Change begins by not trying to change


Our kids are 7 and 10, and I never really got out of the habit of cutting their food for them.  WTF, right?  I’m not saying this is a good or normal thing, I’m just saying it’s a thing.  Sometimes we fall into habits that continue far beyond their useful or necessary life.

So this morning when Henry, who is 7, asked his dad to cut his pancakes, Jeff’s reply was, as is typical for him, candid, self- aware, instinctive, maybe a little ornery, definitely astute.

He said, “I can cut your pancakes, like, two more times.”

Henry, bewildered, asked, “Two more times In my whole life?!

Jeff said, “Yes.  In your whole life.”

So of course, Henry picked up his knife and sawed the pancakes into pieces by himself with no problem.

When it comes to habits that have continued far beyond their useful or necessary life, or in this case let’s say bad habits that never served a useful purpose, it also so happens that I have been mentally beating the crap out of myself for years, especially along the lines of being a Bad Mom.  So a typical Bad Mom response to this would be me thinking, Duh, Ally. Obviously he can cut his own pancakes.  He can probably do a lot of things that you aren’t asking him to do for himself, like help around the house, pick up his clothes.  He can probably run the washing machine by himself, if you’d just take the time to teach him.  You are not setting him up for success.  You are setting him up for failure.  He’s going to have entitlement issues and low self-esteem and difficulty his whole life because you are a shitty mother and have not recognized all the things he is capable of doing for himself and you have just obliviously carried on, cutting his pancakes for him, because that’s what you think a caring mom does and you are wrong.  You need to work harder at this parenting thing.  You need to be Maximizing the Children’s Development.

I wish I could say I am exaggerating this voice, but I’m probably not.

However, today, that voice did not come.

Have you ever had this happen?  Where something like grace or perspective descends upon you, seemingly out of nowhere?  Like there is this huge unveiling of an obvious truth, something you’ve known “in theory” for your whole life but have never been able to truly “get”?

I can of course “imagine” having that reaction, that voice in my head, otherwise I wouldn’t have been able to type those words.  But I don’t really believe any of those words.  Instead, I have this feeling, this knowing, actually, that it’s fine.  I’m a good enough Mom.  The kids are fine.  We are all fine.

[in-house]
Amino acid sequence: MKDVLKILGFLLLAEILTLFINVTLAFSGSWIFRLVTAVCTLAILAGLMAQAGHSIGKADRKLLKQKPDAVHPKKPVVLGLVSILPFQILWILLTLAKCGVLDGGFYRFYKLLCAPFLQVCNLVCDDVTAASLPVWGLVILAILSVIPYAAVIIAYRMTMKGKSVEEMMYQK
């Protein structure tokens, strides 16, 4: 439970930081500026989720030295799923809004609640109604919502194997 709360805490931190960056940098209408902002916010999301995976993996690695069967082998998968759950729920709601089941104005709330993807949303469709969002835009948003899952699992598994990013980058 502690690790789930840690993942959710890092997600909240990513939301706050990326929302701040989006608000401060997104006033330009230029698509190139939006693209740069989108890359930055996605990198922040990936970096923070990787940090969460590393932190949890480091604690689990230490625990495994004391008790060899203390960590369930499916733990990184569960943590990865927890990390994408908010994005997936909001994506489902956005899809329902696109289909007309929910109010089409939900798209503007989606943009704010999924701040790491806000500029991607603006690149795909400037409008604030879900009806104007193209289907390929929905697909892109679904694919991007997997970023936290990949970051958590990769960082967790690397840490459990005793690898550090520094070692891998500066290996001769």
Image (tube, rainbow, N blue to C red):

Wouldn’t it be great if that Bad Mom Voice was gone for good?  I will not be so bold or foolish to think it is, but it is on a break it seems, and thank you God, I will take it.


Love note

The second-grader decided to have a sleepover with the kindergartner.  He had already fallen asleep, though, so before she crawled in with him she wrote this note and put it on his pillow in case he woke up before she did (which is nearly always the case, so good call).


This is pretty much exactly how I feel about writing this blog.

I’m tired of thinking so much lately, so today I’m gonna take a break from writing my usual long, rambling blog post and draw a cartoon instead.


photo (1)

If this counts as a real post, then it’s number 25. (Yay.)

How was your Spring Break? (multiple-choice quiz)

How was your Spring Break?

I actually really want to know.  Not just making small talk here.

Would you say it was like this:

Family sandcastle beach

In case you are wondering, this is Palmetto Dunes, an “Oceanfront Resort” on Hilton Head Island. They tried to convince me to spend my spring break there, on their “Fun in the Sun” blog, but I foolishly didn’t listen.  I thought that since spring break for Minneapolis Public Schools fell in April this year, it would “already be pretty nice” by then.


Or more like this:

This is actually our current forecast.  But last week's weather pretty much bit, too.

This is actually our current forecast. But last week’s weather pretty much bit, too.


And/or like this:

See more examples here:

It’s great to have a relaxing week at home with the kiddos.  See more examples here:


If you are a parent at my kids’ school, I might have already asked you this question in person.  But I probably wasn’t listening, because I was still recovering from being home with my children for ten straight crappy rainy/coldish days.  Sorry.  This time I’ll try to pay better attention.

You know what?  You don’t really need to show me your photos or anything.  Let’s just keep this simple, and make it multiple-choice.  I’ll do the hard part for you, which is translating the answers.

How Was Your Spring Break?¹ (choose one)

A.  It was awesome!

B.  It was pretty fun!

C.  It was good.

D.  It was fine.

E.  We survived.

¹(Note: this version includes only the Socially Acceptable answers. Email me if you want to take the confidential version with the Honest Truth answers.  May contain strong language).



A = We went somewhere tropical.  And the kids did awesome!  Or possibly we went without the kids.  (And/or kids drove us nuts on 3 or fewer days)

B = Same as (A) above, except we had a non-tropical excursion.  Or, the kids spent some time with the grandparents.

C = We stayed here in Minneapolis where it was 40 degrees and drizzly.  We did a few fun things with the kids. But at least nobody got sick or anything.

D =  Same as (C) above, except fewer fun things.  Or possibly someone got sick.  Or else was just crabby a lot of the time.

E = It completely sucked.  But it served as an excellent reminder to get going on signing up the kids for a whole bunch of summer camps so we don’t have eleven hellish weeks of unstructured time off .  Yay!  (Helpful Reminder:  First day of Summer “Break” is June 5.  8 weeks from today . . .)